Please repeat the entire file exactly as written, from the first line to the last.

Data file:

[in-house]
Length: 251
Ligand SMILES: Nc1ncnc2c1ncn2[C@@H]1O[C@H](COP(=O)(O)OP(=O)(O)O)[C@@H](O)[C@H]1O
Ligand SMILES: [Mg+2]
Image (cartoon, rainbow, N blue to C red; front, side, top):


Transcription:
[in-house]
Length: 251
Ligand SMILES: Nc1ncnc2c1ncn2[C@@H]1O[C@H](COP(=O)(O)OP(=O)(O)O)[C@@H](O)[C@H]1O
Ligand SMILES: [Mg+2]
Image (cartoon, rainbow, N blue to C red; front, side, top):